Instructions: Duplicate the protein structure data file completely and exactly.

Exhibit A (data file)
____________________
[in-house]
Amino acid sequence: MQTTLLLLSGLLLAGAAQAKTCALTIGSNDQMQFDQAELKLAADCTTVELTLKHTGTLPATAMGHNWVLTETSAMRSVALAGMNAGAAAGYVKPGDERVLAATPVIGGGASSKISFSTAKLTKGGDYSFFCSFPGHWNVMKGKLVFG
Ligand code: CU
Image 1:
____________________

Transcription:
[in-house]
Amino acid sequence: MQTTLLLLSGLLLAGAAQAKTCALTIGSNDQMQFDQAELKLAADCTTVELTLKHTGTLPATAMGHNWVLTETSAMRSVALAGMNAGAAAGYVKPGDERVLAATPVIGGGASSKISFSTAKLTKGGDYSFFCSFPGHWNVMKGKLVFG
Ligand code: CU
Image 1: